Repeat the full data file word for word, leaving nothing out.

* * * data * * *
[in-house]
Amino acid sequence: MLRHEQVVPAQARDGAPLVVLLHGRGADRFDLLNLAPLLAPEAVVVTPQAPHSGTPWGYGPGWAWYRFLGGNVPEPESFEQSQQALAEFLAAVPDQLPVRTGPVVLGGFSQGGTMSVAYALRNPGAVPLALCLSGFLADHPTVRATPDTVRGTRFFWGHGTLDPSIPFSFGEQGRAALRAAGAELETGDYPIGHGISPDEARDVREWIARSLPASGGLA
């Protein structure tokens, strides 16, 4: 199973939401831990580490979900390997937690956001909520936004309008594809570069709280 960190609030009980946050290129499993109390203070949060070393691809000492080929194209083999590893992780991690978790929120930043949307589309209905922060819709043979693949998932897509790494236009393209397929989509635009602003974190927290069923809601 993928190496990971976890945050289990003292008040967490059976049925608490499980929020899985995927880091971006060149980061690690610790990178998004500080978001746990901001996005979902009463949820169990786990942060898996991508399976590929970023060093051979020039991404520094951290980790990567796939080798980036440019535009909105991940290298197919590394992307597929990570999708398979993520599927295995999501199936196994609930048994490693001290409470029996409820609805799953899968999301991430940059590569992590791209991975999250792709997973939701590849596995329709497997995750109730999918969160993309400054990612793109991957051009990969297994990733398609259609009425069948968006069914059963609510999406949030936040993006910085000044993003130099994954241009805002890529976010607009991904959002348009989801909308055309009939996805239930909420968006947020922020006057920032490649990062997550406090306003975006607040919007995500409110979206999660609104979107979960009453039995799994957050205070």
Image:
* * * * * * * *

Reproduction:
[in-house]
Amino acid sequence: MLRHEQVVPAQARDGAPLVVLLHGRGADRFDLLNLAPLLAPEAVVVTPQAPHSGTPWGYGPGWAWYRFLGGNVPEPESFEQSQQALAEFLAAVPDQLPVRTGPVVLGGFSQGGTMSVAYALRNPGAVPLALCLSGFLADHPTVRATPDTVRGTRFFWGHGTLDPSIPFSFGEQGRAALRAAGAELETGDYPIGHGISPDEARDVREWIARSLPASGGLA
């Protein structure tokens, strides 16, 4: 199973939401831990580490979900390997937690956001909520936004309008594809570069709280 960190609030009980946050290129499993109390203070949060070393691809000492080929194209083999590893992780991690978790929120930043949307589309209905922060819709043979693949998932897509790494236009393209397929989509635009602003974190927290069923809601 993928190496990971976890945050289990003292008040967490059976049925608490499980929020899985995927880091971006060149980061690690610790990178998004500080978001746990901001996005979902009463949820169990786990942060898996991508399976590929970023060093051979020039991404520094951290980790990567796939080798980036440019535009909105991940290298197919590394992307597929990570999708398979993520599927295995999501199936196994609930048994490693001290409470029996409820609805799953899968999301991430940059590569992590791209991975999250792709997973939701590849596995329709497997995750109730999918969160993309400054990612793109991957051009990969297994990733398609259609009425069948968006069914059963609510999406949030936040993006910085000044993003130099994954241009805002890529976010607009991904959002348009989801909308055309009939996805239930909420968006947020922020006057920032490649990062997550406090306003975006607040919007995500409110979206999660609104979107979960009453039995799994957050205070």
Image: